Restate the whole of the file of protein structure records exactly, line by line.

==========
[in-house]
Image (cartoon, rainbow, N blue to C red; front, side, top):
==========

[in-house]
Image (cartoon, rainbow, N blue to C red; front, side, top):